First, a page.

# Computational aspects of stability in weighted voting games - PowerPoint PPT Presentation Download Presentation Computational aspects of stability in weighted voting games

Computational aspects of stability in weighted voting games Download Presentation ## Computational aspects of stability in weighted voting games

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1. Computational aspects of stability in weighted voting games Edith Elkind (NTU, Singapore)Based on joint work with Leslie Ann Goldberg, Paul W. Goldberg, Michael Wooldridge, and Dmitrii Pasechnik

2. Cooperative vs. non-cooperative games • Non-cooperative games: • each player can choose an action • payoffs are determined by the action profile • Cooperative (coalitional) games: • players can form groups (coalitions) • payoff to a group determined by its composition • players have to share group payoff

3. Coalitional games: formal model • G = (N, v) • N={1, ..., n}: set of players • v: 2N→R:characteristic function • v(S): payoff available to S, has to be shared among members of S • p=(p1, ..., pn) is an imputation if • pi≥ 0 for i =1, ..., n • p(N) := Si in N pi = v(N)

4. Coalitional games with compact representations • Weighted voting games (subject of this talk): • G = (w1, ..., wn; T) • each player i has a weightwi • thresholdT • v(S)=1 if w(S) ≥ T, v(S)=0 otherwise • Network flow games: • players are edges of a network • value of a coalition = size of the flow it can carry • Minimum spanning tree games, matching games, etc.

5. Coalitional games: stability • Which imputations are stable? • no subset of players should want to deviate • Core: set of all stable imputations (p1, ..., pn) is in the core if p(S) ≥ v(S)for all S  N • Problem: core may be empty weighted voting game G=(1, 1, 1; 2) suppose wlog p1 > 0 then p({2, 3}) < 1v({2, 3}) = 1 recall: p(S) = SiS pi

6. When is the core non-empty? • Def: G=(N, v) is simple if v(S){0, 1} for all S • WVGs are simple games • Def: in a simple game, i is a veto player if v(S) = 0 for any S  N \ { i } • Claim: a simple game has a non-empty core iffthere is a veto player. Also, (p1, ..., pn) is in the core iffpi = 0 for all non-veto players pi > 0 S N

7. e-core and least core Need to relax the notion of the core: core: p(S) ≥ v(S) for all S  N e-core: p(S) ≥ v(S) - efor all S  N least core: smallest non-empty e-core • minimizing the worst deficit v(S) - p(S) G=(1, 1, 1; 2): • 1/3-core is non-empty: (1/3, 1/3, 1/3) 1/3-core • e-core is empty for any e < 1/3 • least core = 1/3-core

8. Can we compute the core, e-core and the least core of weighted voting games?

9. Computational issuesOur Results (E., Goldberg, Goldberg, Wooldridge, AAAI’07) • Given a WVG G = (w1, ..., wn; T) • Is the core non-empty? • poly-time: use the lemma • For a given e, is the e-core non-empty? • For a given e, is a given imputation p in the e-core? • Is a given imputation p in the least core? • Construct an imputation in the least core. • p reductions from Partition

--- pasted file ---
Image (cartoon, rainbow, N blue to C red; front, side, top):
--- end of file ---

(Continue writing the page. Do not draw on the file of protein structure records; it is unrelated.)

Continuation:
10. Computational issues Given a WVG G = (w1, ..., wn; T) • Is the core non-empty? • poly-time: use the lemma • For a given e, is the e-core non-empty? • coNP-hard • For a given e, is a given imputation p in the e-core? • coNP-hard • Is a given imputation p in the least core? • NP-hard • Construct an imputation in the least core. • NP-hard reductions from Partition

11. A pseudopolynomial algorithm? • Hardness reduction from Partitionassumes large weights • recall: wi are given in binary, • poly-time algorithm <=> runs in time poly (n, log wmax) • What if weights are small? • e.g., at most poly(n)? • we are happy with algorithms that run in time poly (n, wmax)

12. LP for the least core minc p1+…+ pn = 1 pi≥ 0 for all i = 1, …, n SiJpi ≥ 1 - c for any J s.t. w(J) ≥ T linear program  exponentially many ineqs  Claim: least core = c-core

13. LPs and separation oracles • Separation oracle: • input: (p, c) • output: “yes” if (p, c) satisfies the LP, violated constraint otherwise • Fact: LPs with poly-time separation oraclescan be solved in poly-time. • Our case: given (p, c), is there a J with w(J) ≥ T, p(J) < 1-c? • reduces to Knapsack=> solvable in time poly (n, wmax) • Works for other problems listed above

14. An approximation algorithm • Back to large weights… • Theorem: suppose least core value = e Then for any d we can compute e’ s.t. e≤e’ ≤e(1+d)and e’-core is non-empty in time poly (n, log wmax, 1/d) (FPTAS) • Proof idea: use FPTAS for Knapsack inside the separation oracle

15. Approximating the least core minc p1+…+ pn = 1 pi≥ 0 for all i = 1, …, n • iJpi ≥ 1-c for any J s.t. w(J) ≥ T p1+…+ pn = 1 pi≥ 0 for all i = 1, …, n • iJpi ≥ kd for any J s.t. w(J) ≥ T LPk, k=1, ..., 1/d

16. LPk and the least core value p1+…+ pn = 1 pi≥ 0 for all i = 1, …, n • iJpi ≥ kd for any Js.t. w(J) ≥ T Claim: let k*be the largest value of k such that LPkhas a feasible solution. Then the value e of the least core satisfies 1 – e - d≤ k*d ≤ 1- e Can we find k*? • maybe not, but we can find k’ {k*, k*-1} LPk